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McClain: Lassiter's versatility could make him a shooting star on his way to the starting lineup

An image from the May 31, 2024 OTA practice at NRG stadium in Houston, TX.
An image from the May 31, 2024 OTA practice at NRG stadium in Houston, TX.

John McClain, a member of the Pro Football Hall of Fame and the Texas Sports Hall of Fame, is in his 48th year of covering the NFL in Houston, including 45 seasons at the Houston Chronicle.

When the Texans kick off the regular season against AFC South-rival Indianapolis at Lucas Oil Stadium, don't be surprised if rookie cornerback Kamari Lassiter is in the starting lineup. If Lassiter picks up in training camp where he left off in the offseason program, he could become one of five new starters on Head Coach DeMeco Ryans' defense.

Barring injuries, Lassiter should be the only new starter in the secondary, joining cornerback Derek Stingley Jr. and safeties Jalen Pitre and Jimmie Ward. As the Texans' top draft choice – selected 42nd overall – Lassiter impressed his coaches and teammates during the offseason program.

"Kamari is a guy that's been locked in since he got here," Ryans said. "He's done everything we've asked him to do. He's very competitive and very instinctive and doesn't make the same mistake twice. I think a lot of guys have been fired up to see what he's been able to do. I'm excited to see (him) in training camp."

Lassiter, who played three seasons at Georgia, helped the Bulldogs win two national championships. He was a two-year starter and team captain who showed NFL scouts he can play outside or inside. That kind of versatility – combined with his productivity -- appealed to Ryans and defensive coordinator Matt Burke. That helped convince Executive Vice President/General Manager Nick Caserio to use the Texans' first pick on the Alabama native.

"He's a very sharp young man," Ryans said. "Whatever the day calls for, we'll put him (outside), or we'll put him at nickel, and we'll see what happens."

At 6-0, 186, Lassiter has decent size for his position. The Texans overlooked his 4.65 40-yard dash at the combine. They knew he was faster when they watched his tape at Georgia.

Ryans, Caserio and the defensive coaches like the way he sticks with receivers, shows quickness when he has to turn and run and plays the physical brand of football they demand. And Lassiter plays that way whether he's outside or inside.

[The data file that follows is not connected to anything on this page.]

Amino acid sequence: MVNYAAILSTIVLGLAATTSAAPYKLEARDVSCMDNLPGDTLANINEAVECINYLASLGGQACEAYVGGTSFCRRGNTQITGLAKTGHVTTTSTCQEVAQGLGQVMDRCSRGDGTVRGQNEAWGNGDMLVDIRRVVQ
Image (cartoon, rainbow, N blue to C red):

"He's got length, and he's a pretty stout corner, really well-built through his lower body," Burke said. "Versatility is probably the starting point for Kamari. We're talking about those interchangeable pieces: Can we move him inside? Can we play him outside? Are there matchups we like better? He's a smart player that grasps things pretty well. He's absorbed everything we've thrown at him pretty well."

Ryans is eager to see how Lassiter performs when training camp begins. Rookies won't get babied. They'll play the way the coaches want, or they won't play except for special teams.

"The things that allow me to see when a rookie's ready to go, you see it through those grueling days of training camp," Ryans said. "You see how much they can handle. You see how mentally strong those guys are in training camp. Are they continuing to progress? Some guys stick out better than the vets, and it's just each guy on an individual basis – you see if they can still play well while handling the things we just covered in the classroom.

"The guys that can apply it quickly without wavering, those guys seem to always rise to the top. It's very noticeable, and that's what I love about ball: Whether you're a rookie or a vet, everything's always about competition. Competition always forces everyone around you to get better. And Kamari loves competition."

Lassiter used the offseason program to get acclimated to the Texans, the city of Houston and the heat and humidity. His goal was to be a sponge and soak up as much knowledge as possible from anyone who could help him in the meeting rooms as well as on the practice field.

"I feel like I always want to prove myself," he said. "I always thought I could play at the highest level in college. It's always about proving ourselves, right? Everything I do is to prove myself to make sure I know I'm here for a reason.

"It felt great to just play football – learning, competing and having fun. I want to earn the respect of my teammates and my coaches. I want to help us be successful. I'm trying to put my best foot forward and learn something new every day. It's been a great ride, and it's just getting started."

Lassiter knows he's got to excel outside and inside to earn a spot in the starting lineup.

"I play defense wherever they put me," he said. "It doesn't matter. I'm going to do it to the best of my ability. That was instilled in me at a young age. The best ability is availability – just being able to be versatile and do whatever the team needs you to do.

"This is a high culture program. The standard is the standard here. You have a bunch of guys who want to get better, a bunch of guys who have the right mentality, a group of guys who really want to win."

Lassiter explained why his nickname is "K3." It's not his uniform number. Tank Dell wears No. 3. Lassiter is No. 14.

"All my guys call me that," he said about K3. "Growing up, my nickname was 'Mari.' I was always 'Lil Mari.' Now my family calls me 'K3.' They call my mom 'K1,' my pops 'K2' and I'm 'K3.' That's always going to be with me."

K3 was asked if he had a wow moment during the offseason program.

"Yeah, I had a wow moment," he said. "I was getting some water, and I was like, 'Dang, I'm really playing for the Houston Texans.' This was my dream. I'm getting to play football at the highest level (and) it's a great feeling."

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